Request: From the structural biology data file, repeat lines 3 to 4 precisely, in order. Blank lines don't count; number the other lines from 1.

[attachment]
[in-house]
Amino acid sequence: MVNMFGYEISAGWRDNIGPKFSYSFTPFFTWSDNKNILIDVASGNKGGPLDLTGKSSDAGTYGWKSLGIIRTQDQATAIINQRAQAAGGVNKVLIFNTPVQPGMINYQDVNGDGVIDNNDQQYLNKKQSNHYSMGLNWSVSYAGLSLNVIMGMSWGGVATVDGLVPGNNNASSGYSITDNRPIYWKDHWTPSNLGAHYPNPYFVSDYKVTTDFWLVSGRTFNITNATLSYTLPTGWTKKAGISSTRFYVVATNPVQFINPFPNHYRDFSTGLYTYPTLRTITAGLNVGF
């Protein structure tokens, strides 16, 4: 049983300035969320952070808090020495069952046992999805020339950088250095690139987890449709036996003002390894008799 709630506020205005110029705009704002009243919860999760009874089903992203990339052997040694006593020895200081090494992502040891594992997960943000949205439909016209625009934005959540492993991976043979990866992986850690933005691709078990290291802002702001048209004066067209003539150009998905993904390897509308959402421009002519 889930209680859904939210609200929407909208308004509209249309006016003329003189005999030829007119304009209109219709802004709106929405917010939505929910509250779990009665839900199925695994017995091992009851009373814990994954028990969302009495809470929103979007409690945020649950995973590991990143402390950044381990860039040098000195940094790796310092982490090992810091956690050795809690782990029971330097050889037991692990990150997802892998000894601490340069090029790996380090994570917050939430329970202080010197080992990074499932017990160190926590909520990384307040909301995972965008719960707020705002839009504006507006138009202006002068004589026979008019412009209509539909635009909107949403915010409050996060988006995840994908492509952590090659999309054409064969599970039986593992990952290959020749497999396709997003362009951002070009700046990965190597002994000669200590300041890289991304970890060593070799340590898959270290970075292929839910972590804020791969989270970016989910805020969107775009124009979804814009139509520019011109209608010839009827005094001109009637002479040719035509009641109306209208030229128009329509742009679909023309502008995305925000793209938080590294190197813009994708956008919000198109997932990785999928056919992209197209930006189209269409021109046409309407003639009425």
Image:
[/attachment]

């Protein structure tokens, strides 16, 4: 049983300035969320952070808090020495069952046992999805020339950088250095690139987890449709036996003002390894008799 709630506020205005110029705009704002009243919860999760009874089903992203990339052997040694006593020895200081090494992502040891594992997960943000949205439909016209625009934005959540492993991976043979990866992986850690933005691709078990290291802002702001048209004066067209003539150009998905993904390897509308959402421009002519 889930209680859904939210609200929407909208308004509209249309006016003329003189005999030829007119304009209109219709802004709106929405917010939505929910509250779990009665839900199925695994017995091992009851009373814990994954028990969302009495809470929103979007409690945020649950995973590991990143402390950044381990860039040098000195940094790796310092982490090992810091956690050795809690782990029971330097050889037991692990990150997802892998000894601490340069090029790996380090994570917050939430329970202080010197080992990074499932017990160190926590909520990384307040909301995972965008719960707020705002839009504006507006138009202006002068004589026979008019412009209509539909635009909107949403915010409050996060988006995840994908492509952590090659999309054409064969599970039986593992990952290959020749497999396709997003362009951002070009700046990965190597002994000669200590300041890289991304970890060593070799340590898959270290970075292929839910972590804020791969989270970016989910805020969107775009124009979804814009139509520019011109209608010839009827005094001109009637002479040719035509009641109306209208030229128009329509742009679909023309502008995305925000793209938080590294190197813009994708956008919000198109997932990785999928056919992209197209930006189209269409021109046409309407003639009425």
Image: